Description of Course Goals and Curriculum
This course aims to teach the student about the graphic narrative, and the graphic form, using several works of prominent graphic literature in order to delve deeply into the graphic novel canon. The course endeavors to equip the student with all the relevant tools to analyze graphic novels, and enables the student to analyze works of graphic fiction both as pieces of literature and pieces of art.
The course spends a week on each novel, with two lectures a week dedicated to exploring various aspects of the novel; its background, significance, themes and artistic direction, and with one precept a week that goes into greater analytical depth, examining specific scenes or panels. Broadly, the course is ordered based on Professor Bendixen’s preference, and he attempts to give a sweeping overview of the world of the graphic narrative through his choices of texts.
The class is reading-heavy, with generally a whole novel read per week; while no outside reading is listed as a requirement, reading background information on the graphic novels, as well as other pieces of literary criticism, is advised, as a full knowledge of the text makes the experience of the class all the more enjoyable, and the conversations in precept more rigorous.
Learning From Classroom Instruction
The course was taught with two lectures a week and one precept. The prominent focus of the lectures was giving a broad picture of the novel at hand – its place in the graphic novel canon, its background, significance, as well as an overview of its various themes and styles. Generally, from the lectures one takes away a solid understanding of the text, as well as several themes and ideas to take into precept (indeed, precepts usually begin with a discussion of the various lessons learned from lecture). Students should come to every lecture having thoroughly read the assigned material as a minimum; students should also generally research the novels, having some knowledge of literary criticism associated with the novel, and the like.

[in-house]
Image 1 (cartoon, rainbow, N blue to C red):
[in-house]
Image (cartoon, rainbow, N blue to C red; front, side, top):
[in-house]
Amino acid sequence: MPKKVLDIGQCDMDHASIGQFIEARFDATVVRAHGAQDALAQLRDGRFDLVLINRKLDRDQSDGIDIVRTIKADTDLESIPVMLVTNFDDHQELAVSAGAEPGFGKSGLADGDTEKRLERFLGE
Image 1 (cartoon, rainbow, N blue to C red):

Precepts are taught like the lecture, but with a more cooperative, in-depth look at some specific, in-text examples. Students are encouraged to engage in close reading with the text, analyzing scenes and panels, both in terms of the words on the page and the images. For the precept, students should come with ideas of specific scenes that they feel they can talk about in detail, and should listen attentively to the ideas of other students; the class in very open during precept, and ideas flow freely and quickly. Taking efficient and effective notes can be illuminating and very helpful when it comes time to write papers on specific scenes and comparisons within the texts.
Learning For and From Assignments
Assignments in the course are generally just reading for the following week, though Professor Bendixen will usually suggest that students come prepared to answer specific questions about the readings for precept.